For the happiest of times and the saddest of times, flowers say what we can’t always put in to words. Weddings, new babies, birthdays and romance are celebrated with flowers. Floral arrangements convey our concern and sympathy during illnesses and funerals. On a daily basis, plants and flowers enliven workplaces for customers and employees alike. And nothing beats flowers for getting you out of the doghouse after a major faux pas.
Saying it with flowers has never gone out of style, although the Valley’s florists will tell you the styles and even some of the flowers are different.
Pam Fuller, who has owned Bloomers of Harlingen since 1992, is the incoming president of the Texas State Florists Association. “The business has changed a lot since mass marketers (such as groceries) began selling flowers,” Fuller said. Florists work closely with funeral homes, too, and “the biggest change is the number of cremations.” That means no casket sprays and no flowers at the grave. Addressing that issue, Fuller said TSFA has just taped a video “In Lieu of Flowers” which suggests living plants, such as a dish garden or potted plant, as appropriate memorial gifts to the bereaved family.
Fuller has four Texas Master Florists on her Bloomers staff, which customers appreciate. “They rely on us to create something special for them,” she said. In accord with another widespread change, Bloomers is not affiliated with a national flower order firm like FTD. Instead, Fuller said out of town customers find them through the Texas Florists network.
Bloomers recently relocated and expanded to offer jewelry and other gifts which can be attached to floral arrangements. An additional benefit of the new shop is having Valley Baptist Medical Center two blocks away. The hospital’s only restriction on flowers is they can’t be delivered to the ICU and CCU.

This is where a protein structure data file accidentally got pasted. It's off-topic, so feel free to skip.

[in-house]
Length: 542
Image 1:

“We do a lot of seasonal bouquets, but the busiest time of the year is between Thanksgiving and Christmas,” Fuller said. Mother’s Day and graduation perk up sales in May, although February is without a doubt the strongest sales month. And year-round, flowers say love, even when you aren’t in the doghouse.
Brenda Guerra and her mother Consuelo Guerra purchased a home décor business in 2006, acquired a new flower cooler in the process and opened Special Flowers on East Pecan in McAllen. “During the first year, the local floral wholesalers educated us. I didn’t know anything about flowers, and I learned so much from them,” Guerra recalled. One vendor even coached her on the correct number of Valentine’s Day roses the new business would sell.
Then the Guerras were asked to provide the flowers for a wedding. The word of mouth business from those arrangements and bouquets put them on the path to becoming wedding specialists, couture florists.
“I can’t see myself doing anything else now. I think it’s fate,” Guerra said. She has focused on floral design. “We started going to wedding shows. I take classes, travel and keep up to date with floral trends.” Travel included a recent trip to Maui carrying Special Flowers’ bouquets for a pre-wedding photography session.